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Front. Psychol., 08 September 2021
Sec. Cultural Psychology
This article is part of the Research Topic Psychology for the Common Good: The Interdependence of Citizenship, Justice, and Well-being across the Globe View all 21 articles

Service User Experiences of How Flexible Assertive Community Treatment May Support or Inhibit Citizenship: A Qualitative Study

  • 1Norwegian National Advisory Unit on Concurrent Substance Abuse and Mental Health Disorders, Inland Hospital Trust, Brumunddal, Norway
  • 2Department of Research and Development, Division of Mental Health Services, Akershus University Hospital, Lørenskog, Norway
  • 3Department of Health Sciences, Medical Faculty, Lund University, Lund, Sweden
  • 4Flexible, Innovative Top-ambulatory Academy of Community Mental Health Service, Geestelijke Gezondheidszorg Noord-Holland-Noord, Heerhugowaard, Netherlands
  • 5Department of Psychiatry, Erasmus Medical Center (MC), University Medical Center Rotterdam, Rotterdam, Netherlands
  • 6Department of Health and Nursing Sciences, Faculty of Social and Health Sciences, Inland Norway University of Applied Sciences, Elverum, Norway

The aim of this study was to explore and describe service user experiences of how receiving services from a Flexible Assertive Community Treatment (FACT) team may support or inhibit citizenship. Within a participatory design, individual interviews with 32 service users from five Norwegian FACT teams were analyzed using thematic, cross-sectional analysis. The findings showed that FACT may support citizenship by relating to service users as whole people, facilitating empowerment and involvement, and providing practical and accessible help. Experiences of coercion, limited involvement and authoritarian aspects of the system surrounding FACT had inhibited citizenship for participants in this study.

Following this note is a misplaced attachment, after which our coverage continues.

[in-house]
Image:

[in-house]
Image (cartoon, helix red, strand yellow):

Equity between groups and fair access to mental health for all are important goals from a public mental health perspective (Knifton and Quinn, 2013), recognizing health as a fundamental human right [United Nations, 2006; UN Office of the High Commissioner for Human Rights (OHCHR), 2008]. Yet, persons with severe and complex mental health care needs face challenges related to citizenship, living conditions, and fair access to health and social services (Drew et al., 2011; Norwegian Board of Health Supervision, 2019). Rights-based, holistic actions that are rooted in the experiences of people that are excluded from current mental health systems and practices, have been called for in order to address the unfair distribution of health in the population (Special Rapporteur on the right to health, 2020).